In one embodiment, a virtual interface receives traffic from only a single VPN (one-to-one mapping of VPN to VI). In another embodiment, a virtual interface receives traffic from more than one VPN (many-to-one mapping of VPNs to VI). In the latter embodiment, a virtual interface can be configured to map a particular subset of destination prefixes or IP addresses (subnet) to a particular VPN. Accordingly, the virtual interface can distinguish traffic from one VPN versus traffic from another VPN by looking at, for example, the subnet associated with the incoming traffic. A VPN can receive traffic from any number of virtual interfaces.

With reference to FIGS. 1 and 2A, in one embodiment, call traffic 202 is received at an ingress interface 210 of the router 200. The source of the call traffic 202 may be device 118, and the destination may be device 128, for example.

In one embodiment, the router 200 performs a Layer 3 (L3) lookup based on information in the signal stream 204. “Layer 3” refers to the network layer of the well known OSI (Open System Interconnection) model. The L3 lookup identifies the appropriate virtual interface to which the call traffic 202 is to be directed. In the example of FIG. 2A, the call traffic 202 is being sent from device 118 in VPN1, and so the L3 lookup identifies VI 232 as the appropriate virtual interface. Accordingly, the call traffic 202 (specifically, the signal stream 204) is routed by switching fabric 220 to VI 232.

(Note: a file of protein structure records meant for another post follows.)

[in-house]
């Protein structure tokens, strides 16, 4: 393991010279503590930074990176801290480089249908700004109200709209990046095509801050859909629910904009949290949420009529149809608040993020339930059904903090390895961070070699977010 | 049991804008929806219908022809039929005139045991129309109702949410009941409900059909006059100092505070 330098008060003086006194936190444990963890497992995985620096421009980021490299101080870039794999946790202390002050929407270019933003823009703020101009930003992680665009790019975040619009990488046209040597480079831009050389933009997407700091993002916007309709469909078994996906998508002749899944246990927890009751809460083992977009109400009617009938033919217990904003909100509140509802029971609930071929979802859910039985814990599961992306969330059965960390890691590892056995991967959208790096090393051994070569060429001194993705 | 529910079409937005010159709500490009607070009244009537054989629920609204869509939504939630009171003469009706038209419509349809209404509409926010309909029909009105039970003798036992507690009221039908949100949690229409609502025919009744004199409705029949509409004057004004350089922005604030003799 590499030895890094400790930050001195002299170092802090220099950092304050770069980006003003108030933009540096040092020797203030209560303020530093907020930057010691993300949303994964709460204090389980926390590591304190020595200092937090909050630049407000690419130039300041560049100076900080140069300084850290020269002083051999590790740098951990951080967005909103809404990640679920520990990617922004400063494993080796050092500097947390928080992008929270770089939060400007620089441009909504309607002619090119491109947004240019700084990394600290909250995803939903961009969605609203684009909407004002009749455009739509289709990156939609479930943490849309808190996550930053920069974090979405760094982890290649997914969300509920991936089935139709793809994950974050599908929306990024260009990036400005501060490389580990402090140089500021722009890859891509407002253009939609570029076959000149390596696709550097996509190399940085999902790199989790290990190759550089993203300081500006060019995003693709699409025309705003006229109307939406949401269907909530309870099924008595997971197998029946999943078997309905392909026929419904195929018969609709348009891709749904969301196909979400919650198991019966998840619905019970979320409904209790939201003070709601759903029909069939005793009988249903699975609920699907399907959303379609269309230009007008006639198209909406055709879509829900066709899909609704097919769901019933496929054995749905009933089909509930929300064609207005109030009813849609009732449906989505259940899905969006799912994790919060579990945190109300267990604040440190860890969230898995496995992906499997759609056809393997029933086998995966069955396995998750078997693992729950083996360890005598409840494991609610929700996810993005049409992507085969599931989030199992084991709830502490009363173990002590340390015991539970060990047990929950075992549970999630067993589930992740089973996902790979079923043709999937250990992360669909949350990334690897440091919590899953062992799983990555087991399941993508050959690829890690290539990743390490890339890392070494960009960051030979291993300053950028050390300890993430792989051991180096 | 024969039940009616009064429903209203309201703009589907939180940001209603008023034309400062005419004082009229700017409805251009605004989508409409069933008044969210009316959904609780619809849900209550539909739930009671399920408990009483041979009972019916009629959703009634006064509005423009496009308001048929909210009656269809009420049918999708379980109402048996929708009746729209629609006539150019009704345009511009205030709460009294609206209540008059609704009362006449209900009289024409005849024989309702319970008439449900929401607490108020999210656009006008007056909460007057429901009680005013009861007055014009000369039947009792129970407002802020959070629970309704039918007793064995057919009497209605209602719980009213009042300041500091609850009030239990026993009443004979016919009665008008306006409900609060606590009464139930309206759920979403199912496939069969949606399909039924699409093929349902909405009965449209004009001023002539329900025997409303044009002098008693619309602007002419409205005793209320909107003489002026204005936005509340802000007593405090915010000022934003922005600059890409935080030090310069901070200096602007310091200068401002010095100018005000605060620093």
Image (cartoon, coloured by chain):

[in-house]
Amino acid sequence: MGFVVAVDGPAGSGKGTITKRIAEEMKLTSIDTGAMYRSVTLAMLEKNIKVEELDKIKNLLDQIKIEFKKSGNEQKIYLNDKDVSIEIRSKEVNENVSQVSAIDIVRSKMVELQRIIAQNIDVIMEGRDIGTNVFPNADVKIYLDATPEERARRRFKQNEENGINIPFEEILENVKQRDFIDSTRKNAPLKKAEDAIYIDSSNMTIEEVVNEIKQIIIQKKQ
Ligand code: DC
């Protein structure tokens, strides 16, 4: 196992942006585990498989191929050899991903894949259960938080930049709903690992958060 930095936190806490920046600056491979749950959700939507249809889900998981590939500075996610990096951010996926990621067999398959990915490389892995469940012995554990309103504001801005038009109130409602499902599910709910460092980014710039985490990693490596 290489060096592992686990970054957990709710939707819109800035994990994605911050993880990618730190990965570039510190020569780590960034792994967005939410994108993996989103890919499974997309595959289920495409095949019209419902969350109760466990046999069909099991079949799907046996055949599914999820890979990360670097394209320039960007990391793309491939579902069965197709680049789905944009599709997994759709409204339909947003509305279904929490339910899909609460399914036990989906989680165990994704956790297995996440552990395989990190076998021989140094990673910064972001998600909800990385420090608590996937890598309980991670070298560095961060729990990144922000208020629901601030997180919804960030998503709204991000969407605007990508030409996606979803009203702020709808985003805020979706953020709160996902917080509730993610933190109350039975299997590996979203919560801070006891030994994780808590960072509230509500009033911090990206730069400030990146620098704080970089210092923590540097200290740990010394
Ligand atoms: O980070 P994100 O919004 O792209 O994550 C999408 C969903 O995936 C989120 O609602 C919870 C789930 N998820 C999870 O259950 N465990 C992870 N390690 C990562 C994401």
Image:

Continuing with reference to FIGS. 1 and 2A, once the signal stream 204 is routed to the appropriate virtual interface (VI 232 in the example of FIG. 2A), SBC 230 also examines OSI Layers 4-7 (other signaling information) arriving from VI 232 to identify the destination of the call traffic 202. Based on the signaling information, as well as the virtual interface and local policy on the SBC 230, the call traffic 202 is directed to an appropriate egress interface 240. In one embodiment, the SBC 230 embeds the VPN identifier (e.g., a VPN-ID and/or a VRF-name) associated with the VI 232 into the signaling information (e.g., in signal stream 204), and also may modify the signaling information according to the egress interface configuration.